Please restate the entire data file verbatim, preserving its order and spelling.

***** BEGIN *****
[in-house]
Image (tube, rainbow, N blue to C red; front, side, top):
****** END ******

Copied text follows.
[in-house]
Image (tube, rainbow, N blue to C red; front, side, top):